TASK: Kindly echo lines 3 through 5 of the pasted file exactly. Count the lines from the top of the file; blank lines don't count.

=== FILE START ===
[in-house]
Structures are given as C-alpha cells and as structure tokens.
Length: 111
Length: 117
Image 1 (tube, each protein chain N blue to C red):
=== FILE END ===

Length: 111
Length: 117
Image 1 (tube, each protein chain N blue to C red):